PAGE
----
Inside USG’s Internal Olympics Event – Event Marketer

Inside USG’s Internal Olympics Event – Event Marketer

Inside USG’s Internal Olympics Event

When USG Corporation, manufacturer of building materials for the construction and remodeling industries, began looking for a platform to activate an overhaul of the company brand, it saw parallels between the Olympic Games and the “plan to win” strategic vision it had laid out for the company. So USG secured itself as Olympic sponsor of Team USA (and Team Canada) for the Olympic and Paralympic games in Sochi in 2014 and Rio in 2016, giving the brand rights to emblazon those universally-recognized five rings on company materials, as well as access to the team and athletes to serve as promotional ambassadors.

PWP Studio photographers specialize in corporate event photography, decor, details, incentive travel, conventions, and on-location photography in Atlanta, GeorgiaFor USG, the sponsorship offered an opportunity to re-energize the company and grow the business domestically and, importantly, internationally. But the sponsorship also offered a key moment for the brand to rally the troops after a challenging set of years following the 2008 recession that included dramatic restructuring, and to do so with an internal announcement its employees would never forget.

The brand developed a top-secret strategy involving a seven-city live simulcast announcement on Oct. 1, complete with pre-produced and live video segments, a surprise brand ambassador training mission and post-event brand immersion parties, all designed to turn the page toward a new chapter for the company, all in one powerful day (Legacy Marketing Partners, Chicago; Resolution Productions Group, Chicago, handled).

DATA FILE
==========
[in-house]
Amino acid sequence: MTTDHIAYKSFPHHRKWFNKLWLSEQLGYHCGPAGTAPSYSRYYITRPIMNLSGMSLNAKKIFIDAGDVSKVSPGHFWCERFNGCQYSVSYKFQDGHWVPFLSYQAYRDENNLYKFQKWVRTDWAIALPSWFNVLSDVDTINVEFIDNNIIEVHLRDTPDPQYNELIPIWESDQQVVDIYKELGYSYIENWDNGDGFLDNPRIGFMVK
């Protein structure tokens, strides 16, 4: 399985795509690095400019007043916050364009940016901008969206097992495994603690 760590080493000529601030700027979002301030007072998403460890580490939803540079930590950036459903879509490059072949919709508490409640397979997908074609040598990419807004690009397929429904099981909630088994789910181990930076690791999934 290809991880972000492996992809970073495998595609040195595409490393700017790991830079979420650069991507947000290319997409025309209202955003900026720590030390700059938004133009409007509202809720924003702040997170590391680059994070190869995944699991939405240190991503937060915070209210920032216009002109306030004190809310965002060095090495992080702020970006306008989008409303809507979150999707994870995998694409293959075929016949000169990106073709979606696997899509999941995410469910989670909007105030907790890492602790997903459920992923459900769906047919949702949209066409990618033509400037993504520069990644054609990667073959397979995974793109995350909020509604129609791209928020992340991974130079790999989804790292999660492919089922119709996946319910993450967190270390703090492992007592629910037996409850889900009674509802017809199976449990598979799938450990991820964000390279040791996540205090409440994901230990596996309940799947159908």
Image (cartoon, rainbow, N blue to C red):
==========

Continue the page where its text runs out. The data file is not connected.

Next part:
“When you look at the journey that the athletes go on to get to Olympic Gold, it’s very similar to the journey that USG has been on; we’ve had to overcome adversity, we’ve had to really think about changing our game plan,” says Linda McGovern, vp-marketing at USG. “We wanted to make sure that people understood this was not just about a new logo; it was a much bigger initiative that was very tied to our business strategy, and the vision for the corporation.”

Enlisting Employees

This mission had executive support, but USG wanted it to have bottom-up support as well. Two days prior to the actual launch day, USG flew 40 employees hand-picked by James Metcalf, ceo, to a leadership summit in Colorado Springs, CO, home of the U.S. Olympic Team training grounds. USG sent each a FedEx invite with few details to their homes to keep the mission under wraps.“We talk a lot at USG about leadership at every level and the fact that no matter where you are in the organization, or what level you’re at, you can influence the people around you, and so we picked people from our plants, from our distribution center, from our international operations, from our home office, 40 individuals at different levels within the organization, and with different years of experience,” McGovern says.

Over the course of the two days, the weekend prior to the Tuesday announcement, these chosen employees were immersed in training sessions on the new brand messaging and how to leverage it within their local markets. USG created hashtags and trained the ambassadors on social media and on its own internal Yammer site. There were Olympic experiences that paralleled business principles, like Judo (understanding how to deconstruct and overcome the competition with laser focus) and Paralympic volleyball (allowing one to see where their weaknesses are, and overcome them).